Anita Guerrini, Horning Professor of the Humanities and Professor of History at Oregon State University, discusses the fascinating research which she presented at Objects in Motion: Material Culture in Transition.
Although the human skeleton was well known as a symbol before 1500, the articulated skeleton does not seem to have come into its own as an object – scientific and artistic as well as symbolic – until the time of Vesalius. Curiously ubiquitous, since everyone has one, but yet largely invisible, anatomists revealed the skeleton to view. The well-known illustrations of Vesalius were plagiarized over and over for two centuries after their publication in 1543.
Vesalius was the first to give detailed instructions on how to make a skeleton, for although it was a natural object, it was also a crafted object whose construction entailed a lot of work. The human body became an object in motion as it travelled from the scaffold to the dissection table to the grisly cauldron where the bones were boiled to remove their flesh. While artists and anatomists employed skeletons for instruction, little evidence of their collection appears before the mid-seventeenth century, when they begin to appear in cabinets and collections. Both the Royal Society and the Paris Academy of Sciences owned several. At the Paris Academy, André Colson, described as an “ébeniste” or furniture maker, was charged with the making and maintenance of the skeleton room, while the physician Nehemiah Grew, who catalogued the Royal Society’s collections in 1681, may also have made its skeletons. By the end of the seventeenth century, a vigorous skeleton trade flourished across Europe, and they often appear in auction catalogues alongside books, works of art, and scientific instruments. At the same time, relics, both old and new, retained their potency in both Catholic and Protestant countries.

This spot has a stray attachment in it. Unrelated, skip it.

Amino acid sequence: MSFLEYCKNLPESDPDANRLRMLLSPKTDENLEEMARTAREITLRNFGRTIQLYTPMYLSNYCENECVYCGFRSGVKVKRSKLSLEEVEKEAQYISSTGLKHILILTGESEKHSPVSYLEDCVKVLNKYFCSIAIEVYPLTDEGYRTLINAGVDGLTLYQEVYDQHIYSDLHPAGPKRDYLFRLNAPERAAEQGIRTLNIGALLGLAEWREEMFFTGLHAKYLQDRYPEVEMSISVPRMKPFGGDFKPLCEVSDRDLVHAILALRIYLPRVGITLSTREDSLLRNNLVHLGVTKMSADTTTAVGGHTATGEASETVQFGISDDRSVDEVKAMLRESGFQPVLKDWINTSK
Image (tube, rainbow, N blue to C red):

After Vesalius, detailed instructions for making a skeleton appeared in many anatomical texts and manuals as part of the education of a physician or surgeons; in the eighteenth century, William Hunter took it for granted that each of his students would need to construct a skeleton for his own use and in addition procure “several skulls.” While such a process would seem to confer anonymity to the finished skeleton, provenance and even identity often clung to the bones along with religious resonances. Most skeletons were of executed criminals, some of them widely known. The skeleton of the “Thief-taker General” Jonathan Wild, executed in 1725, still hangs in the gallery of the College of Surgeons in London, and Hogarth’s famous 1751 “Fourth Stage of Cruelty” shows the skeletons of other malefactors on display in niches at Surgeons’ Hall while a cauldron awaits the bones of Tom Nero, who is being dissected by the surgeons after his conviction for murder.
Widespread demand and changing scientific contexts expanded the market for skeletons (as well as skulls) beyond Europe to encompass much of the known world by the mid-eighteenth century. The prodigious collector Hans Sloane received skulls and bones from contacts throughout the world, including native bones that his Jamaican contacts apparently stumbled across in caves. Sloane’s meticulous catalogues of his collections allow one to trace the provenance of many of his human specimens though other collectors and agents. Such catalogues, along with account books, advertisements, and illustrations, reveal this worldwide commerce in skeletons alongside a continued trade in skeletal relics. Traveling across time and place, skeletons embodied beauty and deformity, crime and punishment, sin and sanctity, science and colonial power, often simultaneously.